A child has special educational needs (SEN) if he or she has learning difficulties or disabilities that make it harder for him or her to learn than most other children of about the same age.
Many children will have special educational needs of some kind during their education. Schools and other organisations can help most children overcome the barriers their difficulties present quickly and easily. A few children will need extra help for some or all of their time in school.
So special educational needs could mean that a child has:
- learning difficulties – in acquiring basic skills in school
- emotional and behavioural difficulties – making friends or relating to adults or behaving properly in school
- specific learning difficulty – with reading, writing, number work or understanding information
- sensory or physical needs - such as hearing or visual impairment, which might affect them in school
- communication problems – in expressing themselves or understanding what others are saying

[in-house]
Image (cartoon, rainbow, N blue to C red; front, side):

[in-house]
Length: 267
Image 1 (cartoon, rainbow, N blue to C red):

medical or health conditions – which may slow down a child’s progress and/or involves treatment that affects his or her education.
Children make progress at different rates and have different ways in which they learn best. Teachers take account of this in the way they organize their lessons and teach. Children making slower progress or having particular learning differences in one area may be given extra support to help them succeed.
You should not assume, just because your child is making slower progress than you expected, or the teachers are providing additional support, help or activities in class, that your child has a major learning difficulty. It is important to remember that the majority of children will, at some point in their learning, require some additional support and also that not all children learn at the same rate. What they may find challenging at one point, they maybe be able to grasp later on. Learning is not fixed, but dynamic and developmental.
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